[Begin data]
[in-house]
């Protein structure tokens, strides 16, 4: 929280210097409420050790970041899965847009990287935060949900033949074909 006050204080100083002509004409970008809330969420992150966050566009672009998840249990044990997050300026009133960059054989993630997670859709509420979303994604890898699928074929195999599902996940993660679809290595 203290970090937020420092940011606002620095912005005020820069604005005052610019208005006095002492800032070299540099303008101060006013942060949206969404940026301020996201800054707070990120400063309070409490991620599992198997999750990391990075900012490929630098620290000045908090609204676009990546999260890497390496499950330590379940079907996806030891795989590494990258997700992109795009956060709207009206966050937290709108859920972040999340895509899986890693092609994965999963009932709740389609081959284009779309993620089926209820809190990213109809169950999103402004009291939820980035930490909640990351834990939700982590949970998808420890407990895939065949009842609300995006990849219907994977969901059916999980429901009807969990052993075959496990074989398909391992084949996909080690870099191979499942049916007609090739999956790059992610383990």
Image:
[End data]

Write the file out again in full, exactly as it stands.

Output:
[in-house]
């Protein structure tokens, strides 16, 4: 929280210097409420050790970041899965847009990287935060949900033949074909 006050204080100083002509004409970008809330969420992150966050566009672009998840249990044990997050300026009133960059054989993630997670859709509420979303994604890898699928074929195999599902996940993660679809290595 203290970090937020420092940011606002620095912005005020820069604005005052610019208005006095002492800032070299540099303008101060006013942060949206969404940026301020996201800054707070990120400063309070409490991620599992198997999750990391990075900012490929630098620290000045908090609204676009990546999260890497390496499950330590379940079907996806030891795989590494990258997700992109795009956060709207009206966050937290709108859920972040999340895509899986890693092609994965999963009932709740389609081959284009779309993620089926209820809190990213109809169950999103402004009291939820980035930490909640990351834990939700982590949970998808420890407990895939065949009842609300995006990849219907994977969901059916999980429901009807969990052993075959496990074989398909391992084949996909080690870099191979499942049916007609090739999956790059992610383990």
Image: